Collins Middle School gearing up for technology boost Corsicana — The 2012-2013 8th grade students and teachers of the Corsicana Independent School District will be incorporating technology into the academic and social mainstream at Collins Middle School. Through the U.S. Department of Education’s “Gear Up” grant, each student will be issued a school-leased iPad to use throughout the year. Wireless connectivity will now be accessible to these students and teachers with a touch of a screen, allowing students to access video lessons, textbooks and novels, and resources needed for research. And that’s not all — the “Gear Up” grant will follow this Class of 2017 throughout their first year in college. “We are fortunate to be able to offer this program to this Class of 2017,” said Marti Shaner, Assistant Superintendent of Curriculum and Instruction. “As they advance in grades, the technology for these students and teachers will follow throughout their first year of college.” The district has been able, with some assistance through the Corsicana Education Foundation, to purchase iPads in smaller quantities for various classroom and instructional use. Next year, the high school will begin a pilot program with a small group of students. As technology will continue to play a vital role in education, CISD must seek funding alternatives to meet the digital demands of students. The “Gear Up” grant is a good example. “We are making accommodations now at Collins Middle School to be ready for this new technology,” said Herbert O’Neil Jr., principal at Collins Middle School. “Our eighth grade students can look forward to using this wireless technology. Included in the grant, is the funding of a counselor who focuses exclusively on the success of this class.” “We are very pleased to be able to offer this one-toone technology resource,” said Dr. Diane Frost, superintendent of CISD. “Utilizing iPads in daily instruction opens doors for the individualization of learning as well as extending lessons beyond the school day.”

County hears courthouse restoration update Corsicana — With a vote llikely looming in a couple of weeks, Navarro County Commissioners spent over two and a half hours Monday going over plans for the proposed restoration of the Navarro County Courthouse. And with that vote possible at the May 29 meeting, there are still some unanswered questions on commissioner’s minds as they weigh getting state help in restoring the courthouse or missing out on that assistance. The Texas Historical Commission has offered the county about half the cost of the restoration — a grant of $4,439,997. To do the work in the manner required by the THC to qualify for the grant, the price tag for the work comes in at $9.5 million, leaving the county responsible for the difference of $5,117,523. The real costs would exceed that, factoring in the cost of re-locating county offices during the renovation period, and possible long-term costs of permanently relocating some courthouse offices due to the scope of the renovation. Items such as restoring the balcony area in the District Courtroom impacts office space now being used by the probation department. The restoration would return the building to a more original look — eliminating some added on office space through the years, moving the elevator to the south side of the building, and creating more “open space” in some of the lobby areas. Some exterior work required by the program would include work on the mortar on both the sides of the building as well as the clock tower.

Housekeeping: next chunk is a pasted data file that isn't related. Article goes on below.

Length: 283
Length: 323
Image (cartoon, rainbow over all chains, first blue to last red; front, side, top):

By Cheryl Vernon PALESTINE HERALD-PRESS

PALESTINE — Motivational speaker Judy Goodman will discuss the importance of personal dreams and visions as it transcends into the community at large at the Palestine Area Chamber of Commerce’s Quarterly Luncheon on Tuesday, May 22. The luncheon will be held from 11:30 a.m. to 1 p.m. at Ben E. Keith Community Room, 2019 W. Oak St. in Palestine. A “meet and greet” will be held from 11 to 11:30 a.m. prior to the luncheon. A certified professional coach, relationship counselor and addiction recovery coach, Goodman has worked privately for more than 30 years with individuals and companies to see the potential of their business success reached “out of the box.” Goodman teaches leadership development, performance improvement and communication tools for teams and individuals. Of particular interest to Goodman is the work she has done with The Kaiser Institute, serving as a faculty member and working with professional individuals to develop their intuitive abilities. Goodman’s presentation will discuss the importance of personal dreams and visions as it transcends into the community at large. She also will discuss social media and its place in growth and development.